Photo Credit: Nevit Dilman / Wikimedia (GFDL License)

{Originally posted to the SATIRIC website, PreOccupied Territotries and written by SPECIAL reporter, Linda Sarsour, rights activist}

Brooklyn, January 1 – It’s bad enough that Palestinians in real life have suffered displacement, persecution, and Othering, but when those phenomena extend even to the realm of beloved children’s shows, we know our society has a problem. Every reference to Palestinians and Palestinian suffering has been erased from the animated series The Flintstones, leaving not a trace of that ancient and noble civilization in its whimsical depiction of prehistory.


People of conscience everywhere must protest. The erasure of Palestinians from homes and communities is bad enough, but the injury is compounded by the indignity of a Bedrock in which audiences are led to believe no such group ever existed. Our ancestors cry out to be acknowledged, while Hanna-Barbera and their callous storyboard artists dismiss them as figments of someone’s imagination. Enough.

Some may wonder why I focus now on a discontinued cartoon series from the 1960’s instead of on current issues, but they miss the point: all oppression is related, and the series is in perpetual reruns anyway. We do no one a favor by ignoring the plight of our brethren absented from The Flintstones; in fact we do ourselves and all those we claim to support a disservice when we dismiss the Palestinian refugees from Bedrock as somehow less worthy of our attention. We are all allies in this struggle against colonialism, Apartheid, dispossession, and predatory saber-tooth cats.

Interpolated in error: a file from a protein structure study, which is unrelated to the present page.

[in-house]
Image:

There is no reason why others struggling against discrimination and cultural genocide in Bedrock cannot join forces to combat these evils. Rampant exploitation of dinosaurs in the stone-age town need not be tolerated simply because some of us prioritize justice for Palestinians. Activists of every stripe can join as one to destabilize and ultimately bring down the structures of oppression that affect us all. Even Bedrock, a metaphor for stability, will be shaken and rebuilt to reflect a just society where Palestinians will regain their rightful place at the head of all social justice causes.

So let us rise up now and fight the erasure of Palestinians from The Flintstones. Fight the all-white, all-male composition of Bedrock, and of Fred Flintstone’s bowling league. Raise a cry of protest over Barney and Betty’s decision to adopt yet another blond-haired, light-skinned baby instead of choosing to make their home a place where a refugee baby is welcome. Together we can make the stone age a beautiful place where Wilma and Betty can celebrate their femininity in that symbol of empowerment, the hijab.


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